Indeed. Just look at our neighbor to the south. Nikki Haley offered up huge incentive packages to Boeing, Volvo, Continental Tire, Gitti, etc., etc. And Texas has the largest economic development incentive programs in the country. Plus, Georgia, Alabama, etc.
Absolutely.
Reply With Quote Quick reply to this message
 
Old 03-29-2017, 08:06 AM
 
Location: Greensboro, NC USA
4,584 posts, read 4,402,977 times
Reputation: 1488
Quote:
Originally Posted by Mutiny77 View Post
This is VERY off. Two Southern cities known for their revitalized downtowns with tons of development are overall conservative cities: Greenville, SC (already mentioned) and Chattanooga. And "conservatives also tend to be against incentives that attract companies and development"??? You can't be serious; Southern states and cities, which lean more conservative, are champions of using incentives to lure economic development.
The point I was trying to make is that in general pro growth/development cities tend to lean liberal. Southern cities are indeed more conservative than northern cities but even Greenville and Chattanooga have a liberal streak when compared the smaller southern cities. But like I said in my last post its not always the case. Maine is a rural state but its also liberal.
Reply With Quote Quick reply to this message
 
Old 03-29-2017, 08:58 AM
 
29,944 posts, read 27,375,616 times
Reputation: 18507
Quote:
Originally Posted by gsoboi78 View Post
The point I was trying to make is that in general pro growth/development cities tend to lean liberal. Southern cities are indeed more conservative than northern cities but even Greenville and Chattanooga have a liberal streak when compared the smaller southern cities.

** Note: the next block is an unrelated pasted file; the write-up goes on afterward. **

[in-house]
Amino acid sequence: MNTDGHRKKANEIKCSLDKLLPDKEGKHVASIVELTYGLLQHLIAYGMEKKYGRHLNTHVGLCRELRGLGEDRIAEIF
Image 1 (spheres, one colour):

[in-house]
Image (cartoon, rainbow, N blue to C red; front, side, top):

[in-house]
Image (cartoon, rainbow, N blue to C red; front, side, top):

Cities in general lean liberal, and of course Greenville and Chattanooga are "more liberal" than small backwater towns where everybody is related. But for midsized cities, they are rather conservative.

Quote:
But like I said in my last post its not always the case. Maine is a rural state but its also liberal.
I think Vermont is a better example. Maine isn't as liberal as some folks make it out to be; their governor is like a mini Trump.
Reply With Quote Quick reply to this message
Please register to post and access all features of our very popular forum. It is free and quick. Over $68,000 in prizes has already been given out to active posters on our forum. Additional giveaways are planned.

Detailed information about all U.S. cities, counties, and zip codes on our site: City-data.com.


Reply
Please update this thread with any new information or opinions. This open thread is still read by thousands of people, so we encourage all additional points of view.

Quick Reply
Message:



Over $104,000 in prizes was already given out to active posters on our forum and additional giveaways are planned!

Go Back   City-Data Forum > U.S. Forums > North Carolina > Greensboro, Winston-Salem, High Point
Similar Threads
Follow City-Data.com founder on our Forum or

All times are GMT -6.

2005-2019, Advameg, Inc. · Please obey Forum Rules · Terms of Use and Privacy Policy · Bug Bounty

City-Data.com - Archive 1, 2, 3, 4, 5, 6, 7, 8, 9, 10, 11, 12, 13, 14, 15, 16, 17, 18, 19, 20, 21, 22, 23, 24, 25, 26, 27, 28, 29, 30, 31, 32, 33, 34, 35 - Top